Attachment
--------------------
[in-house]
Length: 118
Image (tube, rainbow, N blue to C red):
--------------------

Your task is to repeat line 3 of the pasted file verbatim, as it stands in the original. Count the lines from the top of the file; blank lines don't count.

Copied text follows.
Image (tube, rainbow, N blue to C red):